PHOENIX — After 23-year-old Andrew Stevenson met reporters before his first major league game, when the camera turned off and he got down from the top of the bench in the visitors’ dugout, Stevenson moved out toward the dugout steps and looked around.

“Nice ballpark,” he said, smiling at his understatement. Not 18 hours before, Stevenson was playing in a Class AAA game in Columbus Ohio. One early morning direct flight to Phoenix later, the Nationals’ first pick in the 2015 draft was in the big leagues.

Stevenson to join the Nats in Arizona

Stevenson’s first big league assignment was born out of unexpected — and frankly, unbelievable — outfield need. With Michael A. Taylor and Jayson Werth out, the Nationals were relying heavily on Brian Goodwin, Bryce Harper, Ryan Raburn and Chris Heisey. No other outfielders on their 40-man roster were healthy.

Raburn left the team Sunday for bereavement leave after the death of his grandfather, something the Nationals planned for by calling up Pedro Severino to take his place. Then Heisey strained his groin in Saturday night’s game, something the Nationals had not planned for, an incident that sent General Manager Mike Rizzo into Dusty Baker’s office for 15 minutes or so right after the game.

“We called Doug Harris, discussed it for five minutes and made a decision,” Rizzo said. “These decisions aren’t made in a vacuum. We put a lot of time and effort and conference calls and meetings into what we’re going to do if this happens. We’re prepared for just about everything.”

Stevenson, however, could not have been prepared for the phone call he got after his game. It came from a number he did not recognize, that of his Class AAA Syracuse Manager Billy Gardner, who told him the Nationals needed him.

“You kind of don’t know if it’s real at first,” Stevenson said. “Your heart’s kind of pounding.”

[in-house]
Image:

Stevenson was in major league camp with the Nationals this spring, and impressed by hitting .333 and playing strong defense in 15 games. He began the season in Class AA Harrisburg, where he hit .350 in 20 games before jumping to Syracuse. A month into his Chiefs tenure, Stevenson was hitting .171. A month later, he was hitting .255.

“I sped the game up on myself,” said Stevenson, known as a high-energy, strong-work-ethic type.  I wanted to make a good impression and ended up pressing too much. Was able to work out of that.”

“He’s shown in the past, it takes him a while at each level to make an adjustment, but he makes the adjustment,” Rizzo said. “He’s got the ability to be able to play here in the big leagues. Plus defender in three outfield spots, he gives you a left-handed bat and speed off the bench.”

Stevenson isn’t used to a reserve role, but Diamondbacks all-star lefty Robbie Ray starts against the Nationals on Sunday. Neither Rizzo or Baker thought it fair to throw Stevenson into that fire. Wilmer Difo will start in left field instead, his first stint in the outfield since starting in center field a few weeks ago — which resulted in adventure and a late-game defensive replacement.

While Stevenson got a late call, Severino got a far earlier one, and arrived in Phoenix by 8 p.m. on Saturday night. The Nationals called up Severino to replace Raburn, a move Rizzo said was made as much out of convenience as roster need. Severino was already on the 40-man roster, and can serve as a late-inning pinch runner or right-handed bat. The Nationals did not want to add someone to the 40-man when Raburn seems likely to be gone just three days — though bereavement leave allows him to miss as many as seven.

Severino, who was the Nationals’ second catcher in last year’s National League Division Series, has struggled at Syracuse so far this season, plagued by injuries. He is hitting .211 overall, but is 4 for 15 with a homer in four games since returning from the disabled list last week.

“His numbers haven’t been there, but we feel that more recently he’s putting better at-bats together,” Rizzo said. “I think when he gets up here, he’s usually laser focused and prepared and I think he’ll give us a good solid at-bat. He always brings energy, he’s a good solid defensive catcher, could spell Matt a day or so and give him a little bit more rest. We’ve been working him pretty hard.”

So the Nationals’ roster, increasingly different from the one that began the season nearly four months ago now, gained two new faces again on Sunday morning, just before final game of a three-city road trip. Since the last time the Nationals were home, 20 percent of their roster has changed.

Sunday’s lineups:

Brian Goodwin CF
Wilmer Difo LF
Bryce Harper RF
Ryan Zimmerman 1B
Daniel Murphy 2B
Anthony Rendon 3B
Adrian Sanchez SS
Jose Lobaton C
Stephen Strasburg P

Daniel Descalso LF
Ketel Marte SS
David Peralta RF
Paul Goldschmidt 1B
Chris Owings SS
Chris Hermann C
Brandon Drury 2B
Gregor Blanco CF
Robbie Ray P

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